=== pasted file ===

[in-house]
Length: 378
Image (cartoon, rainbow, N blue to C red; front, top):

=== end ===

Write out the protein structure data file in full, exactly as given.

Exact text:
[in-house]
Length: 378
Image (cartoon, rainbow, N blue to C red; front, top):